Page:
Business is everywhere these days. All kinds of organisations, even welfare services and charities, are expected to run on commercial lines. And most of us are increasingly affected by what is happening elsewhere in the world. Whether we like it or not, we’re all global managers now.
At the same time, business is not left to itself anymore. Business leaders are expected to provide leadership and explain how their work is applicable to everyone else. Never mind that many of those same exe-cutives are themselves frantically searching for guidance, lapping up “how-to” books and buying yards of consultancy advice.
Despite this, media coverage of business issues is still strangely divorced from general journalism. It is usually consigned to a special page, with the focus on personal finance or company minutiae. The links between business and the rest of life are unexplored. This occasional column will try to fill the gap.
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a new metaphor has appeared, the “emerging tiger,” which conflates two popular terms. Both are used to describe countries that are not as sleek as the G7 member states but which do not fit the stereotype of the “developing” country, the term in vogue ten years ago. Such semantic worries raise the question: how do you define economic development these days? When have countries gone through “transition” and “emerged” into normality? The debate is heavily weighted by politics, since every country wants to shift up into the next league and lose all qualifying labels.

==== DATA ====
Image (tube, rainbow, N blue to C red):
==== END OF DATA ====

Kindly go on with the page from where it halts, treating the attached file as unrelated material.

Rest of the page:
To supplement the normal economic indicators I suggest another scale of assessment based on those commonsense things you notice whenever doing business in a country. My index would rate things such as how efficiently a government department responds to a request or fulfills a duty; how much the average employee can depart from the narrow tracks and use common sense; how well the telephones work; how quickly people pay their bills; how likely it is you will need to pay a bribe; how willing people are to venture useful information, unasked. The US falls down on the first two; France on the last two; Italy on telephones and bribes.
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in a study by Manfred Kets de Vries and Katharina Balacz of Insead, published in the latest issue of my own magazine World Link, it is explained that bosses suffer from downsizing too. When they are obliged to fire thousands…